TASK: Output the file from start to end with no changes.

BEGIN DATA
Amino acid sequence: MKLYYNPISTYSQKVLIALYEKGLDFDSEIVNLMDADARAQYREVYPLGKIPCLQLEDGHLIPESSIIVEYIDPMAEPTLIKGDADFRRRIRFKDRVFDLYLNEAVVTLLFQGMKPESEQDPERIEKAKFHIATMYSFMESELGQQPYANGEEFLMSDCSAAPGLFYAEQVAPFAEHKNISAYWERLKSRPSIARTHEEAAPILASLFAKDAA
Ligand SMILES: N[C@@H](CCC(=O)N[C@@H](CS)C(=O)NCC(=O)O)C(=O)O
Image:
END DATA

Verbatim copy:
Amino acid sequence: MKLYYNPISTYSQKVLIALYEKGLDFDSEIVNLMDADARAQYREVYPLGKIPCLQLEDGHLIPESSIIVEYIDPMAEPTLIKGDADFRRRIRFKDRVFDLYLNEAVVTLLFQGMKPESEQDPERIEKAKFHIATMYSFMESELGQQPYANGEEFLMSDCSAAPGLFYAEQVAPFAEHKNISAYWERLKSRPSIARTHEEAAPILASLFAKDAA
Ligand SMILES: N[C@@H](CCC(=O)N[C@@H](CS)C(=O)NCC(=O)O)C(=O)O
Image: